Field of Science

Well, this is unexpected! Drosophila mitochondrial translation elongation Factor G1 contains a nuclear localization signal.

Most eukaryote genomes encode two mitochondrial translation elongation factor Gs. I recently had a paper in MBE about the origin and evolution of these factors, and I've blogged about it previously. I spotted a very surprising article in PloS One today: "The Drosophila Mitochondrial Translation Elongation Factor G1 Contains a Nuclear Localization Signal and Inhibits Growth and DPP Signaling." For some reason, mtEFG1 is dual targeted to the nucleus as well as the mitochondrion. The localisation signal is proposed to be found at the C terminus, unlike the mitochondrial transit peptide, which is found at the N terminus. The authors suggest a model in which "if mitochondrial ATP synthesis is low or EF-G1 is overexpressed and import of EF-G1 proteins into mitochondria is a limiting step, some EF-G1 proteins can accumulate outside of mitochondria and translocate into the nucleus, where they inhibit cellular growth and proliferation."

The authors carry out mutagenesis and subcellular localization analysis of mtEFG1, and find that although the Drosophila mtEFG1 gene is essential, it's not required in every tissue. This leads them to suggest that in some tissues, mtEFG2 and not mtEFG1 is the primary translocation factor. This would be very unexpected as neither spirochete or human spd/mtEFG2 can not promote translocation, and instead spd/mtEFG2 is proposed to be specialised for EF-G's role in ribosome recycling. Additionally, the alignment in my paper shows mtEFG2s don't have the conserved amino acids involved in translocation functions, such as interaction with peptidyl-tRNA. However intramolecular and ribosome interaction sites are well conserved in mtEFG2, suggesting it maintains EF-G-like structural integrity and ribosome binding abilities. Maybe this is sufficient to promote translocation in some conditions? In fact, even the more distantly related EF-G2 of Thermus, which belongs to a whole other ancient subfamily is capable of translocation, hinting that although classical EF-G is very well conserved at the primary sequence level, at least in some conditions the ribosome can accommodate and translocate with more divergent homologs that maintain an EF-G-like structure.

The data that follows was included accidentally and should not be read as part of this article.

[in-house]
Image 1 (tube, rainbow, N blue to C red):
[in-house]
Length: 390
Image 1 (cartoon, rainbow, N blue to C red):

The model of mtEFG1 subcellular location being related to mitochondrial ATP synthesis proposed by Trivigno and Haerry presents a paradox, which they acknowledge: "If EF-G2 functioned as an elongation factors in tissues like the heart, mitochondrial translation and ATP synthesis would occur at normal levels, and EF-G1 would be imported into mitochondria and not accumulate in the nucleus. On the other hand, in tissues like the liver, where EF-G2 cannot function as an elongation factor, mitochondrial translation would decrease, ATP levels would drop, EF-G1 import into mitochondria would decrease and accumulation in the nucleus increase, which would further exacerbate the problem."

So, in conclusion, it's all rather surprising and the model just doesn't seem quite right... it's all very well for a bioinformatician to say this I know, but more experiments needed!


Atkinson GC, & Baldauf SL (2011). Evolution of elongation factor g and the origins of mitochondrial and chloroplast forms. Molecular biology and evolution, 28 (3), 1281-92 PMID: 21097998

Trivigno C, & Haerry TE (2011). The Drosophila Mitochondrial Translation Elongation Factor G1 Contains a Nuclear Localization Signal and Inhibits Growth and DPP Signaling. PloS one, 6 (2) PMID: 21364917

Tsuboi, M., Morita, H., Nozaki, Y., Akama, K., Ueda, T., Ito, K., Nierhaus, K., & Takeuchi, N. (2009). EF-G2mt Is an Exclusive Recycling Factor in Mammalian Mitochondrial Protein Synthesis Molecular Cell, 35 (4), 502-510 DOI: 10.1016/j.molcel.2009.06.028

Connell, S., Takemoto, C., Wilson, D., Wang, H., Murayama, K., Terada, T., Shirouzu, M., Rost, M., Schüler, M., & Giesebrecht, J. (2007). Structural Basis for Interaction of the Ribosome with the Switch Regions of GTP-Bound Elongation Factors Molecular Cell, 25 (5), 751-764 DOI: 10.1016/j.molcel.2007.01.027

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